Alphabet’s Waymo subsidiary says its driverless cars have driven more than one million miles on public roads with no human at the wheel.
Waymo marked its achievement with a blog post and an accompanying paper [PDF] analyzing the safety performance of its cars when operated without a driver.
Remarkably, no one was hurt in the making of this milestone and there were only two collisions serious enough to meet the National Highway Safety Transportation Administration’s reporting criteria, which include the need to file a police report and/or towing one and more vehicles away.
The more serious of those two accidents, which occurred in 2020, was due to the teenage driver of another car who was looking at a mobile phone and hit the Waymo robotaxi from behind. The collision was rated to have a 4 percent chance of a MAIS2+ injury on the Maximum Abbreviated Injury Scale (MAIS). Waymo’s researchers characterize MAIS2 level injuries as comparable to a concussion with no more than brief loss of consciousness, a sternum fracture, or the fracture of two or fewer ribs.
The less serious non-consensual car encounter, assessed as having 2 percent chance of a MAIS2+ injury, occurred in 2021. It involved a Waymo vehicle that could not slow down in time to avoid hitting a car that had pulled into its lane and then suddenly braked.
“The Waymo AV exerted maximum brake force to avoid contact, but was unable to stop before making contact with the passenger vehicle, which had entered the intersection and was still braking,” the paper explains. “At the time of contact, the Waymo AV was traveling at approximately 21 mph and the passenger vehicle was traveling at approximately 10 mph.”
The robo car biz reported 18 other “minor contact events” after over a million miles of driving without a driver. Waymo says these would not be serious enough to include in a crash database but are mentioned for the sake of transparency. And human drivers were the cause of most of the incidents, it claims.
“Overall, more than half of all contact events were the result of a human driver hitting a stationary Waymo vehicle,” the company said, adding that none of its cars were involved in the sort of collisions that account for 94 percent of fatalities.
How do we stack up?
As a point of comparison, the fatal crash rate for US drivers, age 25-29, over one million miles during the 2014-2015 period was about 0.02 percent, according to data from the American Automobile Association Foundation for Traffic Safety.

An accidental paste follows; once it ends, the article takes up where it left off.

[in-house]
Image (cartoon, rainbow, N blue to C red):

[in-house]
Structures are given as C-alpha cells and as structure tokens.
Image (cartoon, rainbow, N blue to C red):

Drivers in that group during that period experienced about 5.26 collisions and 1.5 injury crashes per million miles.
While Waymo automatic vehicles s may be doing well from a safety perspective, they still run into situations their systems can’t handle. According to the company’s 2022 disengagement report, Waymo vehicles reverted to human control 169 times as a result of unexpected maneuvers, conditions, or instrument feedback.
Dr. Alexander Wyglinski, professor of electrical engineering and robotics engineering and director of the Wireless Innovation Laboratory at Worcester Polytechnic Institute, told The Register that he was excited by what Waymo has accomplished, but cautioned that a lot more work needs to be done before self-driving vehicles are reliable enough.
“The key factor in all of this is the fact that these autonomous vehicles have to interoperate with human-operated vehicles,” Wyglinski explained.
People keep their cars for years or decades, he said, so AVs are going to have to deal with existing vehicles. That means emerging vehicle-to-vehicle communication systems can’t be assumed and further work will be required to finesse interaction with human drivers.
Waymo hasn’t been implicated in conflicts with human-driven vehicles as much as has rival GM Cruise, which last year drew the ire of San Francisco Municipal Transportation Board for creating traffic jams with malfunctioning self-driving cars and for its inefficient, inconvenient recovery process for stalled vehicles.
Wyglinski argues that inter-vehicle communication is essential to make AVs viable in the complicated real-world. Dealing with unusual road scenarios and adversarial behavior from human drivers trying to game AI behavior will require much more testing and much more data, he suggests.
‘It’s all about the information,” he explained. “Let’s say this car just experienced a deer for the first time. But other cars have not. How do you communicate its experiences? How do you communicate those databases and not necessarily up to the cloud? Or maybe you can, but that might be too late. It’s about that information exchange. So driving a million miles is one thing, but I would also say, what was the size of the database?”
“The more training the better,” said Wyglinski. “And that’s a frightening truth about artificial intelligence and machine learning decision making.”
Asked to grade Waymo’s accomplishment, Wyglinski demurred.
“This is going to be a long process,” he answered. “Waymo and all these other companies, they’re investing in a lot of the technologies that make sense. I think it’s a matter of time, how this all congeals together into solutions. And I think there’ll be many solutions that will be able to exist on our public roads in the future.”
As a result, Wyglinski said, it’s critical that universities teach about these systems and the technologies involved because today’s students will continue building the world to come. ®